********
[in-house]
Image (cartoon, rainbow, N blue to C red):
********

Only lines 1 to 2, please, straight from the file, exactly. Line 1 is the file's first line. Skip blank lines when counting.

[in-house]
Image (cartoon, rainbow, N blue to C red):